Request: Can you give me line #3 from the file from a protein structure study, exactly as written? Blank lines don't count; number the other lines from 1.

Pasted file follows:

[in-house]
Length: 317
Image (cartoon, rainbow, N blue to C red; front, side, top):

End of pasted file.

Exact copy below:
Image (cartoon, rainbow, N blue to C red; front, side, top):